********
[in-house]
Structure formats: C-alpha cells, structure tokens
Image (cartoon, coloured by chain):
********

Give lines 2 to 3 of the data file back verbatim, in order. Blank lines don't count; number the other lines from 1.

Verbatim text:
Structure formats: C-alpha cells, structure tokens
Image (cartoon, coloured by chain):